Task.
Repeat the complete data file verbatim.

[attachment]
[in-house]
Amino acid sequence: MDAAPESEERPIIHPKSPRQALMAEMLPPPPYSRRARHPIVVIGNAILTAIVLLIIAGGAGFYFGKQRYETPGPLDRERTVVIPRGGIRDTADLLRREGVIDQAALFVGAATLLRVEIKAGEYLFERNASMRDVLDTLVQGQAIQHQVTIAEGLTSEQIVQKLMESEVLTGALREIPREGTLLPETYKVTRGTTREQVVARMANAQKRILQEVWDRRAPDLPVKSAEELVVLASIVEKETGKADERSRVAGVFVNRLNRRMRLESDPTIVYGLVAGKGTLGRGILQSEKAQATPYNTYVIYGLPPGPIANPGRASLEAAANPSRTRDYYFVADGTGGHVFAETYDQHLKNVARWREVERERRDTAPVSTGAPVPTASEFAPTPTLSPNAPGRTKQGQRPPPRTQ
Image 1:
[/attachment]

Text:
[in-house]
Amino acid sequence: MDAAPESEERPIIHPKSPRQALMAEMLPPPPYSRRARHPIVVIGNAILTAIVLLIIAGGAGFYFGKQRYETPGPLDRERTVVIPRGGIRDTADLLRREGVIDQAALFVGAATLLRVEIKAGEYLFERNASMRDVLDTLVQGQAIQHQVTIAEGLTSEQIVQKLMESEVLTGALREIPREGTLLPETYKVTRGTTREQVVARMANAQKRILQEVWDRRAPDLPVKSAEELVVLASIVEKETGKADERSRVAGVFVNRLNRRMRLESDPTIVYGLVAGKGTLGRGILQSEKAQATPYNTYVIYGLPPGPIANPGRASLEAAANPSRTRDYYFVADGTGGHVFAETYDQHLKNVARWREVERERRDTAPVSTGAPVPTASEFAPTPTLSPNAPGRTKQGQRPPPRTQ
Image 1: